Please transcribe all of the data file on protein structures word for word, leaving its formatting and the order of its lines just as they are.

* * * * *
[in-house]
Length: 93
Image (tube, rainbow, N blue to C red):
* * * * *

[in-house]
Length: 93
Image (tube, rainbow, N blue to C red):